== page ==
The morning started rather chilly. As noon arrived it felt near summer in temperature. The leaves around Brewster Harbor and throughout Bellamy Island had lost their Autumn brilliance and began a death spiral from tree to earth.
Close to noon, Niles walked across the street to the Inn. Steve sat at the desk with his hands folded in his lap. He appeared almost asleep.
“Let’s walk out on the deck, Steve,” Niles said.
“I have to watch the phones,” Steve said.
“They don’t need watching,” Niles said sarcastically. “They make this annoying sound you can hear on the back deck and if you don’t make it in on time, they also have this thing called voicemail, all terrific inventions that allow you to do other things rather than just watching the phone. On the deck, please.”
Niles walked through the dining room and onto the back deck. Steve followed. They sat at a table.
“Nice and warm isn’t it, Steve?” Niles said.
“I hear they had snow in Canada,” Steve said.
“You see,” Niles pressed his lips tight. “we got an old lady snug in the ground in a graveyard north of town and an unsolved two-year-old murder and I have no more patients with small-town minds, secrets, and suspicions of outsiders. And above all, Steve, you are starting to turn my stomach. You know something and playing cat and mouse with me. It’s time to spit it out and answer some questions.”
“Okay, Chief,” Steve said eye to eye, “My imagination runs away with me a lot. I imagine the two murders are connected, Sam’s and Mildred’s. I’m scared, plain and simple. I honestly don’t know much and the mere fact we even talk to one another scares me. I don’t know who is watching and who will think I’m telling you something. I know that may seem like crazy talk, but that’s me. Everybody just thinks I’m cool and analytical.”
“Do you think that’s why Mildred was killed?” Niles said.
“I don’t know,” Steve said. “But everyone said she talked about you like the son she never had. She knew all the dirt on this town. The kind of dirt you might share with a son. And here we are talking like brothers. In my mind, it’s not a stretch to think I’m next.”
“Okay,” Niles said, “this will be simple; you said you were here when Petit was killed. Exactly where were you?”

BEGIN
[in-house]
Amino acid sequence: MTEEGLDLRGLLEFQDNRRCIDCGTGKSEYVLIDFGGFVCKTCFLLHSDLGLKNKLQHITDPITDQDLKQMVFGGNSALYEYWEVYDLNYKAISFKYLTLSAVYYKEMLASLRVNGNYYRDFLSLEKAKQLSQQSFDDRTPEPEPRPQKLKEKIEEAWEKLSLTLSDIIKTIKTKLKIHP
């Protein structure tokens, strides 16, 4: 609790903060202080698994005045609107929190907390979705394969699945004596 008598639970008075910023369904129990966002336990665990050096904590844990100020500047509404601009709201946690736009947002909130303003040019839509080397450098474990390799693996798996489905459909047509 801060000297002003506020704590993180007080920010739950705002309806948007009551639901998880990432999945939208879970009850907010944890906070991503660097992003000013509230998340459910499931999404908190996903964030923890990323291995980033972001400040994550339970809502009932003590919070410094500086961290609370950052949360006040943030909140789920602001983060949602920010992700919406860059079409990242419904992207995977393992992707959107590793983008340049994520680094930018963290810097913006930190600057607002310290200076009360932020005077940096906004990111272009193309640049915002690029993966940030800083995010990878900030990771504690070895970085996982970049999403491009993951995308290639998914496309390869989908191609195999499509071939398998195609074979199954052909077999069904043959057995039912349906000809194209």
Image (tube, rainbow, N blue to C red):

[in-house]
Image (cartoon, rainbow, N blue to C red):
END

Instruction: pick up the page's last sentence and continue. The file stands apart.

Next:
“It was night,” Steve said. “I was working the desk for Mrs. Petit. She told me to go on home early. Instead of going home I walked out the front door and used the side dock to go out to the deck. I sat on a bench next to the wall. Mrs. Petit prepared a meal for Sam. It was sort of romantic meal. Sam started groaning, he said he was dizzy and weak. He kept on asking Mrs. Petit to do something. She said nothing. I didn’t know what to do. I was embarrassed; how was I supposed to explain what I was doing there?”
“What were you doing there?” Niles said.
“I’ve been a bachelor all my life,” Steve said. “I’ve heard husbands, wives, and lovers talk in movies, but I just wanted to listen. I know, that’s weird, but I just wanted to hear.”
“What happened next?” Niles said.
“It went silent,” Steve said. “I could hear Mrs. Petit. I heard the sound of silverware against the plate, you know like the sound of dinning. I moved around to the side window and looked over her shoulder. She was eating, calm, cool and collected. Sam was slumped in his chair. She got up and got dessert and sat there as if nothing was going on. Anyone that can do that, I don’t want to cross their path.”
“How much longer did you stay?” Niles said.
“After she finished her dessert she reached over and checked Sam’s pulse on his neck,” Steve said. “She sat down and sipped her coffee. She played with her hair, like she was primping. Then she got her phone from her purse and made a call.”
“Who did she call?” Niles said.
“I don’t know,” Steve said. “All she said was it’s over. He’s dead. Come on over.”
“Who came over?” Niles said.
“I don’t know,” Steve said. “I was about ready to crap my drawers. I sneaked down the dock and went home. I drank vodka until I passed out.”
“Have you told anyone else?” Niles said.
“Are you kidding me,” Steve said, “not a word to anyone.”
“Start laughing,” Niles said.
“Here,” Niles said. “like this.” Niles laughed and held his hand on Steve’s shoulder. “That is the funniest thing I’ve ever heard. I can’t wait to tell it to my dad, he likes that sort of thing.”
Steve appeared confused and played along, “I knew you’d get a kick out of that.”
Niles smiled and with tight teeth said. “Just in case anyone is watching.”
“Thanks,” Steve smiled.
“I’ll see you tomorrow, Steve,” Niles said and left the deck by the side dock.
“I have a witness,” Niles thought as he walked back to the office. “and I know the weapon, cyanide.”